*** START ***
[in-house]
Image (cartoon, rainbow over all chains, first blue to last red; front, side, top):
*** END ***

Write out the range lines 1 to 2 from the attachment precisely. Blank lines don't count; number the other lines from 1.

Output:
[in-house]
Image (cartoon, rainbow over all chains, first blue to last red; front, side, top):